Cleveland Browns: Why Buster Skrine Could Emerge as Starter in Week 1

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Updated: August 16, 2013

By Sam Ingro
Senior Writer

At just 5’9″ and 185 pounds, the phrase “big things come in small packages” just might be fitting of Cleveland Browns third-year cornerback, Buster Skrine. After drafting Leon McFadden out of San Diego State in the 2013 NFL Draft and acquiring former Atlanta Falcon Chris Owens in free agency, it appeared Skrine would be resigned to the bench for the rest of his career in Cleveland.

After losing Dimitri Patterson in the 2012 season, Skrine was prematurely vaulted into a starting role opposite of Joe Haden. The idea of going after a second-year small-school corner was obviously more tempting to opposing quarterbacks than trying to attack an established corner like Haden, and the results spoke for themselves. Skrine was victimized regularly while posting 85 tackles and 11 passes defended. For every solid play he made, it seemed he would surrender another big play, to the chagrin of Browns fans everywhere.

Now, thanks to minor injuries to Owens and McFadden, Skrine has been launched into a starting role in the Browns’ defense. While last season that may have been a thought that could make Cleveland fans shudder, this year, Skrine is turning heads for positive reasons. His improved play was on full display against the St. Louis Rams last Thursday, as he held their young receiving core in check while he was on the field.

“I’m becoming a smarter player,” Skrine said. “The game has slowed down for me. I’ve studied a lot of film in the off-season and a lot of it is route recognition and I can recognize a lot of routes now.”

With Skrine playing more aggressive, he has been excelling in new defensive coordinator Ray Horton’s scheme, and his improvement has not gone unnoticed by head coach Rob Chudzinski.

“He has really improved from the spring,” said Chudzinski. “He’s a young guy and a guy that just works every single day. He’s one of the hardest workers on the team and is a super competitive guy. He takes a lot of pride in what he does. You can see it show on the field. He had a number of times where he got his hands on the ball today.”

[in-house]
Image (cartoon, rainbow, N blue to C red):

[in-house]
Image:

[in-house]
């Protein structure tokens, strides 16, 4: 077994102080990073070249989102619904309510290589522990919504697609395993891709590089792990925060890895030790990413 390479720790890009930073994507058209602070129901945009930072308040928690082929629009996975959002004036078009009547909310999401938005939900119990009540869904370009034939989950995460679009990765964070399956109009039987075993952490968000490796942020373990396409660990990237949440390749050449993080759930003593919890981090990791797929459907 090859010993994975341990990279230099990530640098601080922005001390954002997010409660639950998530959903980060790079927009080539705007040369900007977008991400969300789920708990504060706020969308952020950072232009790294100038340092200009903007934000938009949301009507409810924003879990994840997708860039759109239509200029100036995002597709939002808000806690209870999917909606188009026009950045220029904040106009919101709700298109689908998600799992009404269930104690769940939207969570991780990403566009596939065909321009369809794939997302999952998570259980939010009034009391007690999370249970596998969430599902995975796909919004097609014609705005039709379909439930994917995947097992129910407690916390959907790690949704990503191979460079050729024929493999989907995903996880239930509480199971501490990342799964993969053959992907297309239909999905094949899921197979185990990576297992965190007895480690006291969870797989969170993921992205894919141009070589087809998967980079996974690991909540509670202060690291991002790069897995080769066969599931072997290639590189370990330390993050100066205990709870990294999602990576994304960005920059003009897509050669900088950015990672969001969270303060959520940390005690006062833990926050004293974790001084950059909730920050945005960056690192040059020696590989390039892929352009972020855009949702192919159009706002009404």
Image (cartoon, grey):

“I’ve seen him make plays and he looks good in all those areas to me,” Chudzinski went on to say. “I think they’re the same. The quarterback sees the slot. That’s always his first move and it’s the closest (to him). At the slot, you have to be a lot quicker and you have to be able to move side to side better…Outside at corner, you have to put your big boy pads on because there are bigger receivers out there and you have to rely on your technique, especially when you’re a smaller player.”

In Horton’s scheme, the cornerbacks are taught to play essentially with their hair on fire. The corners are to bait quarterbacks into mistakes while still being accountable for their man on the outside. The pressure applied by the secondary allows an extra second or two for the front seven to effectively rush the passer, a perfect balance of complementary football, a style that Skrine feels he will fit fare much better in.

“I feel like my style of cornerback is that I like to jump routes,” said Skrine. “I like to be aggressive. Joe is also an aggressive player who makes a lot of plays. I feel like I’m good on underneath routes. I just feel like I’m a good player…I’m always looking to compete and challenge every route,” he stated. “I just want to do the best I can.”

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